Politics

Elizabeth Warren: Fair Minimum Wage Would Be $22 An Hour

| by Jonathan Wolfe
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Senator Elizabeth Warren (D-Massachusetts) thinks there should be a drastic increase in the minimum wage.

At a Senate Committee Hearing on Health, Education, and Labor, the senator argued that minimum wage could justifiably be raised to $22 an hour. Warren advocated for an increased rate based on a recent study showing what the wage would be if it reflected growth in worker productivity.

"If we started in 1960 and we said that as productivity goes up, that is as workers are producing more, then the minimum wage is going to go up the same. And if that were the case then the minimum wage today would be about $22 an hour," she said.

Warren added “So my question is…With a minimum wage of $7.25 an hour, what happened to the other $14.75? It sure didn’t go to the worker.”

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Among the committee members was Dr. Arindrajit Dube, a University of Massachusetts Amherst professor who has studied the economic impact of minimum wage rates.  Dube added that had the minimum wage risen proportionately to the income earnings of the top 1 percent, it would stand at $33 an hour today.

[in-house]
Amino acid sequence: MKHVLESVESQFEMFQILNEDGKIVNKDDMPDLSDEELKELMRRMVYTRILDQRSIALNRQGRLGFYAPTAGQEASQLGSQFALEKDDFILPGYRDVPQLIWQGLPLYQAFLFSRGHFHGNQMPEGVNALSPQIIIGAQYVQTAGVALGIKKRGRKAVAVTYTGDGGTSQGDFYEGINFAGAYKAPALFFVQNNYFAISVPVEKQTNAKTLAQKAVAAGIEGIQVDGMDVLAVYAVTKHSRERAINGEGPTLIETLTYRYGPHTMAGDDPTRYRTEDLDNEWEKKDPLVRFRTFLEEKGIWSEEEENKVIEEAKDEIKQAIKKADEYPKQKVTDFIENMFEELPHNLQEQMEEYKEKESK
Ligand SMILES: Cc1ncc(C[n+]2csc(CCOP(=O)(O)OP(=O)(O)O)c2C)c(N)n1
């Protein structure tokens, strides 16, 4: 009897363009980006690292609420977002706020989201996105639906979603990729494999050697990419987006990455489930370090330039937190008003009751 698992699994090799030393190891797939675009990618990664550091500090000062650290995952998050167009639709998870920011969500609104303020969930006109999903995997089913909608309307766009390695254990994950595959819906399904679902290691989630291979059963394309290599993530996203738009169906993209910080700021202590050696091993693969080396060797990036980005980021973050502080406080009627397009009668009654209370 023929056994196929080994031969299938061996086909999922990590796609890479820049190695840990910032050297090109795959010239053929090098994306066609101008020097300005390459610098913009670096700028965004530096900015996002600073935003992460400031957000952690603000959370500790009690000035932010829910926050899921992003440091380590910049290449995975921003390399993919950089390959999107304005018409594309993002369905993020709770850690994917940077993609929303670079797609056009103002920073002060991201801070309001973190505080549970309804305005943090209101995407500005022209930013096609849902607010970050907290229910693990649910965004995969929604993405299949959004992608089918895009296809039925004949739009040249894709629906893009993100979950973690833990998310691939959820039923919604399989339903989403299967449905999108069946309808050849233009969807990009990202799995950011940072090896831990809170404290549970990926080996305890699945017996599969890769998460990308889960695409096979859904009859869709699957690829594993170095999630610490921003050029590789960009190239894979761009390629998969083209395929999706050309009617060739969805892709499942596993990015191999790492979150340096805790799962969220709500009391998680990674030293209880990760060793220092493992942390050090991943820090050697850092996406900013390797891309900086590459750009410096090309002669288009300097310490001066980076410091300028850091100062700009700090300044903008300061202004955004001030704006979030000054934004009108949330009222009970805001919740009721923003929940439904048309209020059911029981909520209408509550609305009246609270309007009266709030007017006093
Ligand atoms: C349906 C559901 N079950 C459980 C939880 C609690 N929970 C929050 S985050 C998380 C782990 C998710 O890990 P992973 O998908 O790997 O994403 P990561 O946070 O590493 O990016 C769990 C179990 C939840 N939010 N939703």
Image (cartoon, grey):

Warren did not appear to be saying the rate should actually be increased to $22 an hour. Rather, she was using the study, which demonstrated flat minimum wage growth coinciding with economic inequality, as a platform for a more realistic increase to the minimum wage.

Warren went on to argue that the $10 an hour minimum wage proposed by President Obama in his State of the Union address would not be nearly as harmful to businesses as many have claimed.

“During my Senate campaign, I [frequently] ate a Number 11 at McDonald’s. It cost $7.19,” she said. “If we raised the minimum wage to $10.10 over three years, the price increase on that item would be to about $7.23. Are you telling me that’s unsustainable?” Warren said.

The $10 an hour rate has been endorsed by several Democrats in the Senate over the last several weeks.

Sources: Washington Times, Huffington Post, MSN